We Are the Goldens

May 5, 2015

We Are the Goldens. Dana Reinhardt. 2014. Wendy Lamb Books. 208 Pages. [Source: ARC provided courtesy of NetGalley.]

Unsettled. That’s the immediate feeling I had when I finished We Are the Goldens. This is a book that subtly sucks the reader into the emotional turmoil the narrator experiences but doesn’t give the neatly packaged happy ending that one is wont to have. Here, that’s not a bad thing – the entire book is an exploration of how perceptions distort reality and how things that are seemingly right in front of us are not always so glaringly obvious. This book is honest, in all the ugly ways that life is.

We Are the Goldens takes readers on a journey with high school freshman Nell as she slowly comes to terms with the shift in the relationship she holds with her older sister Layla. The two have always been inseparable, and Nell eagerly looks forward to starting high school with junior Layla. What Nell expects to be a continuation of their previous relationship actually ends up being a reality check about the two sisters’ distinct identities and experiences. Over time, Nell begins to realize that Layla’s withdrawal and questionable behaviors are likely the result of an illicit relationship with one of their teachers. What follows is Nell’s frantic attempt to salvage their relationship and her sister from what she feels is a disastrous outcome.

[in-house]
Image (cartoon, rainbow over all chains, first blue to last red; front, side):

This book is told in second person perspective, with Nell narrating to Layla. Reinhardt has done a solid job of conveying the myriad complicated emotions experienced by nearly everyone in the story, despite being told from only Nell’s perspective. The reader is walked through the Golden girls’ (no pun intended) parent’s divorce and their adjustment to two lifestyles at each parent’s home. The reader also sees each girl’s budding sexuality in high school. Where Nell is more innocent and oblivious, Layla has taken on a more mature view on it. The concentration of emotions throughout this book is strong. It’s an emotional rollercoaster and gets extremely intense toward the end, as Nell finds herself forced to confront Layla’s relationship and choices.

Reading We Are the Goldens transported me back to my own adolescence, with all its angst and uncertainty. Right down to its last sentence, this book will have you anxious to see things beyond the narrator’s vantage point just for the sake of having a concrete answer. When it ended, I was wanting more, hoping a sequel was on its heels. I definitely recommend this book for its reality, its honest way of handling real life situations with real consequences.

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